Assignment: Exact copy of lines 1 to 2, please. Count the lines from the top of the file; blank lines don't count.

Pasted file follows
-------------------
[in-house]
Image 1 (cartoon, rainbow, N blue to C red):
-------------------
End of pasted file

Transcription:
[in-house]
Image 1 (cartoon, rainbow, N blue to C red):